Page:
The long cup is what you usually use to mix most foods and drinks. Also, there is a small mug and a party mug. The ids come in a form that seals the cup for a two-to-go drink and has a comfortable lip ring. BPA in plastic containers is free and very durable. The magic bullet provides a seal that helps keep your food and drink for a long time.

Additionally, it is a perfect blender for your baby as a food maker, with a comfortable lip ring on the id for drinking. The 10-second recipe book that Magic Bullet brings is completely inspiring. You can slowly mix some great drinks, but you will find this guide in the recipe book. And the best part is that the blander takes less than a minute to make food for your baby.

Pros & Cons


  • This is a light device
  • Aesthetically pleasing design
  • It is less price
  • The set is easy to clean.
  • It does not require too much space to store
  • A fully portable two-go cup
  • Make fresh & healthy food.
  • The blander is BPA free


  • It can only take a limited amount of ice cubes


Performance Test of Baby Bullet vs Magic Bullet

The baby bullet & magic bullet are best for making soft foods and mill grains. While Informatics really does a good job of selling this product, we wanted to see its performance in our own testing. We tested multiple blends using two blades in two blending jars across multiple meals. Our tests looked like we did well on the tested components. We were surprised by the results because a 200-watt motor has enough power to mix the soft elements. We found both are easy to use and have no problem handling blades or jars.


The Magic Bullet is a versatile device. If you’re into smooth and healthy fruit juices, this is the perfect little helper for you. You can use it in your home, or use it. It doesn’t take up too much space, it’s clean and preservative, and you can clean it in a blink of an eye.

Baby Bullets are excellent for making healthy meals and snacks for your baby. It is designed to make your life easier with your small storage cup. Make a batch, freeze it, then pick it up and go.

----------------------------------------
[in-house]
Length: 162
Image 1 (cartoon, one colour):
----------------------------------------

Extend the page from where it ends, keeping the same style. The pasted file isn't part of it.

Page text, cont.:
Magic Bullet and Baby Bullet are both great tools for preparing food for your babies every day. If we choose one, we will go for the Magic Bullet. It is because you can use this blender to make your baby’s food delicious and healthy.

So we want to say baby bullet gives you the best service than the Magic Bullet. So here we are trying to discuss baby bullet vs magic bullet.

Frequently Asking Questions

Why will you buy the baby bullet?

There are several different baby food manufacturers on the market, and really any blender can make baby food because you mix the soft ingredients. Baby Bullet has everything packaged together and is worth it if you are going to use it. Many people enjoyed using the device and mentioned in the review that it’s easy to use and placeable anywhere on the floor or table. If you need a homogeneous product every day at your home, you can use a basic blender and get a set of small food containers and mix food daily.

Why do you need magic bullets?

The magic bullet will help you make fresh juices and foreign drinks in seconds, whether for your own use or even after some of your friends. For example, sauce, spice, and salad dressings are essential for BBQ, and magic bullets can help you get the whip in a few seconds.

Healthy eating often involves polishing fruits and vegetables. Using the magic bullet is perfect for making mixed food before or after your workout,  breakfast, luncheon, or even a  good night meal. The magic bullet is basically using more and more in the kitchen. This blender allows you to stay organized and healthy during a busy day.

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Saif Nobel

Author at Best Baby Food Maker

Hi, I am Saif Nobel. I’m a Professional Review Blogger. I research various products for clients and my blog visitors. Through my review, I want to help users to select the right product before buying it.

Latest posts by Saif Nobel (see all)

10 Easy Homemade Baby Food Ideas (No-Cook, Super Fast, Stage 1)

Learn how to make the EASIEST homemade baby food recipes (stage 1) for your little one with these super simple no-cook ideas. Plus: I have the best tips for making them ahead and freezing them so you can batch cook and simplify your days!

Homemade Baby Food

As a mom to three kids, I know firsthand how the urge to make homemade baby food can be both exciting and a little daunting. And if you have a busy schedule or other kids in the house, finding the time to actually do it can seem impossible. But, there are so many healthy foods that you can transform into stage 1 baby food purees with hardly any work or special equipment at all!

TIP: I use a regular blender for all of these recipes, so you don’t need to buy a special baby food maker unless you want to.

Baby Food Recipes for 6, 7, and 8 Month Old Babies

These homemade baby food ideas are designed for younger babies who are still eating thinner purees, but you can of course use them for older babies and toddlers too. Each can be served as is, or you can combine more than one together to create new flavors if you’re feeling creative!